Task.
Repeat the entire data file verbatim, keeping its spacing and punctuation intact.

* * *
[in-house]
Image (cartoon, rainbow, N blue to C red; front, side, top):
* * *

[in-house]
Image (cartoon, rainbow, N blue to C red; front, side, top):